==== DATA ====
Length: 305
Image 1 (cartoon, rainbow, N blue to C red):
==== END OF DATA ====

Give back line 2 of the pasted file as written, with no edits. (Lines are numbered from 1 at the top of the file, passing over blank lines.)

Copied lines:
Image 1 (cartoon, rainbow, N blue to C red):